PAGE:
For permanent Healthy Street locations, we can install planters at Healthy Street intersections (see diagram below). Healthy Street planters will need to be watered and maintained by neighbors, and you can find helpful tips and information for maintaining your planter here. If you do not live directly at the corner where a Healthy Street Planter can be placed, you can work with your neighbors to create a Partnership for a Healthy Street Planter.

    If you are interested in requesting and taking care of a planter at your Healthy Street, please fill out this form

    You will also need to sign and submit a Landscape Maintenance Agreement.

    A graphic diagram showing the potential location of Healthy Street planters at the intersection of a Healthy Street and a non-Healthy Street.

    Someone takes a photo over the handlebars of their bike, capturing two riders ahead of them on an Healthy Street
    Our family loves the 25th Ave Healthy Street. I've been surprised by how much it's impacted our neighborhood's quality of life. What has been a wonderful, unexpected aspect is seeing how the whole neighborhood uses the space. — M. Mainland, Central District


    In response to the Covid-19 pandemic, in spring and summer of 2020 we upgraded over 25 miles of Neighborhood Greenways to Healthy Streets by closing them to pass through traffic and opening them to people walking, rolling, and biking.

    Outreach and Engagement

    Starting in 2020, we talked to people and distributed surveys to understand how Healthy Streets are working today, and what people would prefer for Healthy Streets in their neighborhood moving forward. We observed and reviewed each Healthy Street with this input in mind to help inform our decision-making.  

    We've heard concerns from BIPOC communities around how enforcement will be handled, maintaining established cultural practices, and reports of racism directed toward BIPOC people traveling the routes. If we truly want to rebuild to better than before, then "we" must include everybody. This has led to neighborhood-focused outreach and partnerships with Community Based Organizations.  

    Across Seattle neighborhoods have embraced their Healthy Streets. Many neighbors have taken advantage of the No Permit Required status of Healthy Streets to host their own events like community dinners and Play Streets.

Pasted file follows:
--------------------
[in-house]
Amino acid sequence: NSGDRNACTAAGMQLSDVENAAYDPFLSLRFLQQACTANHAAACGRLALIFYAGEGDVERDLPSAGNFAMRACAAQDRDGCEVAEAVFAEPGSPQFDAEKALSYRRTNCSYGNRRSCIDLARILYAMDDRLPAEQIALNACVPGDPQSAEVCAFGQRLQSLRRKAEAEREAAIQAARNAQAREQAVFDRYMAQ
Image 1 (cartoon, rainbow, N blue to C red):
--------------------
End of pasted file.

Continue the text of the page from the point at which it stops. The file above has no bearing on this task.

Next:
We have also seen larger community activations such as the Columbia City Night Market and the Lucha Libre event at the Little Brook Plaza.

    In fall of 2022, we are updating our Healthy Streets across Seattle based on the trends we’ve seen in terms of community use and public feedback. 

    A photo of the Little Brook community gathered at tables for the Lucha Libre event hosted on their Healthy Street  A child in a handmade Lucha Libre mask does arts and crafts at Little Brook's Healthy Street community event

    Pictured: the Lucha Libre community event hosted on the Little Brook Healthy Street.

    Translation and Interpretation 

    If you need this information translated, please call (206) 771-0481
    如果您需要此信息翻譯成中文 請致電 (206) 771-0481
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    Program Library

    Click on a PDF below to read 2021/2022 evaluations of Healthy Street locations:


    Greg Spotts, Director
    Address: 700 5th Ave, Suite 3800, Seattle, WA, 98104
    Mailing Address: PO Box 34996, Seattle, WA, 98124-4996
    Phone: (206) 684-7623

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    The Seattle Department of Transportation (SDOT) is on a mission to deliver a transportation system that provides safe and affordable access to places and opportunities for everyone as we work to achieve our vision of Seattle as a thriving, equitable community powered by dependable transportation.